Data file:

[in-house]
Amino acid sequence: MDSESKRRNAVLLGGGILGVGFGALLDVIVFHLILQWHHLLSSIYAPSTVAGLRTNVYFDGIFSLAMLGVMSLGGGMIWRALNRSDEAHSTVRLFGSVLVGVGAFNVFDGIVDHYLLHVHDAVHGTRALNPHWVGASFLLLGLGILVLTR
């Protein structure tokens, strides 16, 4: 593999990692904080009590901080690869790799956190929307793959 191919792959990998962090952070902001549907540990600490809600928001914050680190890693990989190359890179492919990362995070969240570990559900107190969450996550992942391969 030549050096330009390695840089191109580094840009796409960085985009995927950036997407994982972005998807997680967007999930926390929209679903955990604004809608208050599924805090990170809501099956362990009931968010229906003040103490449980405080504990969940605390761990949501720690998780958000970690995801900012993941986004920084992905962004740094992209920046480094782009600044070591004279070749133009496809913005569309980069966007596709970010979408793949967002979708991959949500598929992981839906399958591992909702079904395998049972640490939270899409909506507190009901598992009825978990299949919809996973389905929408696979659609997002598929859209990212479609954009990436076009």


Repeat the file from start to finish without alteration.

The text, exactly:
[in-house]
Amino acid sequence: MDSESKRRNAVLLGGGILGVGFGALLDVIVFHLILQWHHLLSSIYAPSTVAGLRTNVYFDGIFSLAMLGVMSLGGGMIWRALNRSDEAHSTVRLFGSVLVGVGAFNVFDGIVDHYLLHVHDAVHGTRALNPHWVGASFLLLGLGILVLTR
């Protein structure tokens, strides 16, 4: 593999990692904080009590901080690869790799956190929307793959 191919792959990998962090952070902001549907540990600490809600928001914050680190890693990989190359890179492919990362995070969240570990559900107190969450996550992942391969 030549050096330009390695840089191109580094840009796409960085985009995927950036997407994982972005998807997680967007999930926390929209679903955990604004809608208050599924805090990170809501099956362990009931968010229906003040103490449980405080504990969940605390761990949501720690998780958000970690995801900012993941986004920084992905962004740094992209920046480094782009600044070591004279070749133009496809913005569309980069966007596709970010979408793949967002979708991959949500598929992981839906399958591992909702079904395998049972640490939270899409909506507190009901598992009825978990299949919809996973389905929408696979659609997002598929859209990212479609954009990436076009």